We Live in the Matrix Now!

I did not put this in the new book but we already live in the Matrix.  I merely discussed there how language use is truly a virtual reality.  Let me try the Matrix here…

You will recall in the movie that future people are being kept alive in a post-apocalyptic wasteland so AI machines can live off their energy.  But the people are plugged visually into a huge virtual reality program that gives them the illusion of living in a ‘normal’ world (that is the Matrix).  So at the start of the movie you (and the hero Neo) think there is a normal world but because everyone is seeing the world through the program it is all an illusion.  They try to break through the illusion by hacking into the software and inserting themselves as characters in ‘there’ to destroy the virtual reality program/ Matrix.  It is all really being controlled externally in a wasteland world run by machines.

I outlined in a previous blog (and book) how language use is a virtual reality.  We learn and act as if our words are the real things.  We regularly give words precedence over the actual experiences we can have, and we trust what is said over and above what we see and experience.  We no longer trust observation but do trust things we hear people saying.  Stories we hear are more convincing than what we see, and a good story can even persuade us that we did see or experience something when we did not.  I also noted in a previous blog that when we name something we see, we stop looking and exploring our world—the naming was the goal, and we now have something to talk about and a story to tell people.

Further, our worlds are now filled with words, everywhere.  Even this blog.  We spend more time reading and talking than looking and experiencing.  When something happens in life we can respond based on previous experiences or we can prepare to talk about whatever happened.  The latter now gets priority.  It is as if our first instinct now is to have something ready to say about everything around us, rather than respond in other experiential ways (aka contingencies).

Basically then, all the above suggests that words are acting like our Matrix: we live now in a world of words where the reality is what is said, and what is said gets first priority.  This Matrix is here and now and we are living it.  We actually live an experience-deprived existence: have you ever seen or interacted with most of the animals you can talk about (zoos do not count–they are mostly about words and telling stories later)?  We can tell stories about all sorts of animals and post about them on FB but never actually interact or behave with them.

In exchange, we are given a huge comforting world (Matrix) of words that we all agree implicitly to treat as if we know them for real, and we can tell stories about them (all second- or third-hand of course), and name ‘facts” about them, and have opinions and beliefs about them although we have never seen or interacted with any of it, get sympathy and a range of emotions from the words we use about them, and be able to place most of it on FB for moral outrage.  This includes fictitious characters called “pop stars” or worse, “tv personalities”, who we all talk about as if we knew them almost.  They are really real to us.  (One person shot John Lennon even though Lennon was only pure words for that person)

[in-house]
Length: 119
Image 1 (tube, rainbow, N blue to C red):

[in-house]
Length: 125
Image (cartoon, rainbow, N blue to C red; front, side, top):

There are some benefits, obviously, to using words, but there are long-term downsides as well.  Of most importance for mental health: (1) our worlds become abstract (like words are) and the concreteness of life disappears; (2) we start treating people as if they ARE the words we use about them, and no longer experience them and our relationships, and we do not see their diversity because it is not captured by words very well; (3) we start treating imaginary things that only arise from talking as if they were reality, and so anxieties, gloom and slogans become real to us far too easily and we cannot easily shake them off as merely linguistic illusions.

Luckily, and it is no accident, methods for re-prioritizing experience over words are becoming more prevalent, with Zen, mindfulness, Gestalt therapy, Third Wave therapies, etc.  When you believe that your neighbor is listening to you through the walls secretly at night, this means that words have taken over your Matrix and this all appears to be the absolute reality for you.  When you say to yourself (from somewhere) that you are worthless and depressed; again, words are taking precedence over experience… your Matrix is feeding you glum words of gloom that you cannot seem to shake.

But also remember the important point from all this: that your words are coming from around you, not from inside, since the Matrix is actually created out there in the external social world and is not an inner reality (also like the post-apocalyptic wasteland in the movie) .  But it sure appears to be real, just as it did for Neo at the start of the movie before he saw there were cracks in this illusory world (or words in our case).  He was like proper Zen, then, stopping you responding to everything around you with words and getting you to respond to the objects, events and experiences themselves.  So we begin to see the cracks in this word-created world we live in. (see Bankei blog below)

If we ask ourselves what is it that gives the character of strangeness to the substitutive formation and the symptom of schizophrenia, we eventually come to realize that it is the pre-dominance of what has to do with words over what has to do with things” (Freud, 1915/1984, p. 206).

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